1. Developing eggs of the sea-urchin Psammechinus miliaris were subjected to carbon monoxide inhibition, which was controlled by changing from green to white light. The behaviour of the eggs was recorded by time-lapse photography.
2. If inhibition is applied before the eggs enter mitosis, their first cleavage is delayed by a time which is roughly equal to the period of the inhibition.
3. If the inhibition is applied when the cells have already entered mitosis, they complete mitosis and cleave with little or no delay, but their second cleavage is delayed by a time which is roughly equal to the period of the inhibition.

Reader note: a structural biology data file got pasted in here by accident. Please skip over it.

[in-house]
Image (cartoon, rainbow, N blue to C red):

4. It is suggested that the necessary energy for the second mitosis and cleavage is being stored up during the first mitosis and cleavage, and that this energy store operates like a reservoir which is continually being filled but siphons out when it is full. Once the energy has siphoned out, it carries mitosis and cleavage through, even though the reservoir is not filling up because of carbon monoxide inhibition.